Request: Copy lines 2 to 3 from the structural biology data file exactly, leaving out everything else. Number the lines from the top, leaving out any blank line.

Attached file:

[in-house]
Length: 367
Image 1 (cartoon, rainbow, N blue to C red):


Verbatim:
Length: 367
Image 1 (cartoon, rainbow, N blue to C red):